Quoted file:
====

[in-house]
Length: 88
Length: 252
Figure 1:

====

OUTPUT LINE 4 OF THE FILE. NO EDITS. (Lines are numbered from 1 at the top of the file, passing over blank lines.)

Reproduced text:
Figure 1: